Saturday, November 21, 2009

A translation mystery, solved I think

There's an oddity in Louise and Aylmer Maude's translation of Anna Karenina that has puzzled me for some time. The passage in question is Part I, chapter 16, third paragraph, about Vronsky falling in love with Kitty in Moscow. Most translators  have something like this:  (from Constance Garnett's translation)
 "In Moscow, he had for the first time felt, after his luxurious and coarse life in Petersburg..." etc.

A newer translation by Richard Pevear and Larissa Volokhinsky is similar.."In Moscow, after the luxurious and coarse life of Petersburg, he had" and so on.

And Google Translate renders it like this:
In Moscow, the first time he experienced after a luxurious and coarse Petersburg life, the beauty of intimacy with a charming and innocent girl who fell in love. (Not bad!!!)

But then we come to Louise and Aylmer Maud's translation:
 "In Moscow, after this luxurious course of Petersburg life, he experienced" etc.

A Russian interepreter hearing the English homonyms "coarse" and "course" might conceivably confuse them, but here we're talking about a translation from Russian into English.  Is there a Russian homograph (word with same spelling, different meaning, like "bark") or  heteronym (word that has common spelling but different meaning and pronunciation, e.g  invalid and invalid) that could account for this gaffe? My Russian speaking friends said no, and having no further ideas, I tucked it away in my big store of things to wonder about.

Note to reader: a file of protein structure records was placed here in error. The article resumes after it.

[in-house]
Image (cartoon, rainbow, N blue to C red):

Then last week I stumbled upon Jeffrey Trachtenberg's article Translating Tolstoy in the Wall Street Journal, about the translators Richard Pevear and Larissa Volokhonsky. I decided to send Trachtenberg a note about this little conundrum, and he graciously responded by directing me to David Remnick's fascinating 2005 New Yorker article "The Translation Wars" which discusses more generally the challenges of translating Russian, the famous feud between Nabokov and Wilson, and some of the translators (including Pevear and Vohlokinsky) and their translations. One detail in particular, about Constance Garnett's production line methods, grabbed my attention: She hired a secretary, who read the Russian text to her aloud; Garnett would dictate back in English.

Eureka, this is precisely the kind of method that could twist "coarse" into "course."  And although this was about Garnett and her secretary (who got the passage right), it is not implausible that the Maudes might have engaged in the same kind of mischief. I can think of no other explanation.

p.s. - in Russian, in case someone might have a better explanation, the passage looks like this:

В Москве в первый раз он испытал, после роскошной и грубой
петербургской жизни, прелесть сближения со светскою милою и невинною
девушкой, которая полюбила

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